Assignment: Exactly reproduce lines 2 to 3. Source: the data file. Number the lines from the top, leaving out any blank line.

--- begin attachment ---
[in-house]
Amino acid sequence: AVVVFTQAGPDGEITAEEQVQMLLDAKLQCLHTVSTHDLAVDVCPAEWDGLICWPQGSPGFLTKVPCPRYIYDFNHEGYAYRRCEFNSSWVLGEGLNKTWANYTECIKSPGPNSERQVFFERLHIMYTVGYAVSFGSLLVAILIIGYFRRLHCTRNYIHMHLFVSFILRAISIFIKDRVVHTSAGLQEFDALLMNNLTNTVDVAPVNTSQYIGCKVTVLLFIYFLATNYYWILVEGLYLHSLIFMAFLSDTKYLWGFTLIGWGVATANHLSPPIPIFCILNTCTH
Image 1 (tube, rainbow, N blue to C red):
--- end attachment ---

Amino acid sequence: AVVVFTQAGPDGEITAEEQVQMLLDAKLQCLHTVSTHDLAVDVCPAEWDGLICWPQGSPGFLTKVPCPRYIYDFNHEGYAYRRCEFNSSWVLGEGLNKTWANYTECIKSPGPNSERQVFFERLHIMYTVGYAVSFGSLLVAILIIGYFRRLHCTRNYIHMHLFVSFILRAISIFIKDRVVHTSAGLQEFDALLMNNLTNTVDVAPVNTSQYIGCKVTVLLFIYFLATNYYWILVEGLYLHSLIFMAFLSDTKYLWGFTLIGWGVATANHLSPPIPIFCILNTCTH
Image 1 (tube, rainbow, N blue to C red):